Balls in the post and a draw: what’s going on at Volta a Portugal?

“Volta returns to Portugal today against the ghost of doping” headlined Portuguese newspaper Diario de Noticias, and this particular developing story is probably good enough for Hollywood, let alone black-and-white print.

Failing that, cycling’s unique connection to professional football in Portugal brings another strange undercurrent to the whole story.

People on the ground in Lisbon say the 83rd edition of the race sets off from the capital in a heavy atmosphere. Four riders believed to be on the starting line are not, a result of the anti-doping ‘Operation Clean Test’, which also saw the winners of the last nine Voltas, W52-FC Porto, suspended from competition.

The four absentees from the race come from three of the best Portuguese national teams: Luis Mendonça from Glassdrive-Q8-Anicolor, João Benta and Francisco Campos from Efapel and Daniel Freitas who rides for Rádio Popular-Paredes-Boavista.

Mendonça was removed by Glassdrive as the team wanted to ‘protect their image’, Campos had his contract terminated by his team despite his protestations of innocence while Benta also claimed nothing untoward was discovered at his residence during the raids which involved 120 officers searching dozens of properties and resulting in two arrests as well as “several substances and clinical instruments [being] seized, used in the training of athletes and having an impact on their athletic performance.

Both Campos and Freitas have previously driven for W52-FC Porto, the team at the center of Operation Clean Test following an anonymous tip to the police last year and subjected to their own raid four months ago. Banned doping substances were reportedly discovered and team members were subsequently suspended. As the investigation progressed, only three riders on the team remained eligible to race and not suspended. The team still planned to race the Volta a Portugal despite its limited numbers but was suspended by the UCI after violating its anti-doping regulations on July 27. A day later, FC Porto, a football club in Portugal’s top league, withdrew its branding. and team license agreement.

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Portugal’s anti-doping chief, António Júlio Nunes, said he faced threats following the team’s suspension and his family was placed under police protection.

“Unfortunately, the threats to my physical integrity are piling up, and unfortunately my family had to be put under police surveillance at home,” Nunes wrote on his LinkedIn page. In the envelope containing these threats of violence delivered to his home was also a bullet cartridge, pictured above.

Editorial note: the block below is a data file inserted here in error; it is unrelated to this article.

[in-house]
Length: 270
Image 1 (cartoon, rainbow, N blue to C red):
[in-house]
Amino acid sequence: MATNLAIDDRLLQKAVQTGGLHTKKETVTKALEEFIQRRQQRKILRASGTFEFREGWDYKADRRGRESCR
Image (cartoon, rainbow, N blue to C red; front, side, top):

These are the clouds under which the Volta a Portugal started and will likely remain as the peloton races across the country over the next two weeks. It’s a mess. But what does this mean for sport in Portugal?

The loss of FC Porto, one of the biggest and most successful football teams in the country, is a blow. For FC Porto, their name is now associated with doping and gives weight to the constant reiteration of Benfica, another football club which once sponsored a two-wheeled team, that they will not return to cycling due to the harmful connotations .

On late night football phone-in shows on the radio, rival supporters use cycling fallout as a stick to beat FC Porto over the head. This further damages the image of professional cycling in Portugal with little attention given to sports stars such as João Almeida (UAE Team Emirates) and Ruben Guerreiro (EF Education EasyPost) who have made their way out of their country origin to the top of the sport.

The loss of FC Porto appears as a final nail in the coffin of the peculiar but intriguing way in which Portuguese cycling works. The big football teams that dominate the country’s sporting landscape don’t pay to appear on cycling shirts, but teams can leverage the brand name to attract other sponsors, as fans of the football club will likely support the team’s cycling. counterparts. At least, that’s how it has apparently worked for the past 15 years or so, locals of the Portuguese scene tell CyclingTips. If you go back to the 1950s and 1960s, it wasn’t just financial, there were fierce battles between FC Porto, Benfica and Sporting Lisbon, with half of all overall wins at the Volta a Portugal being split between these three.

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There are other political implications beyond football. With FC Porto out of the race, towns in the north of the country don’t want to host the race if their team isn’t racing.

And let’s not forget that not all Portuguese runners are doping. There are athletes in the peloton who race for no minimum wage. Many are U23 and U25 and are racing in the stage race with the hope of attracting the attention of a Spanish ProTeam.

For cycling fans, their summer memories are of days spent on the beach before watching the stages of the Volta each afternoon. Now, with the specter of doping looming once more, the waters are muddy and the seas are now choppy enough to keep you ashore.

“Cycling in Portugal is going through a difficult period,” concluded Nunes. “But perhaps now is the best time for those who truly love this sport to find solutions to protect this same sport which has a safe place in the hearts of all Portuguese people.”

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